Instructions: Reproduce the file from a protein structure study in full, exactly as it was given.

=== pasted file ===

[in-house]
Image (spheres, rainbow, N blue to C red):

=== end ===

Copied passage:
[in-house]
Image (spheres, rainbow, N blue to C red):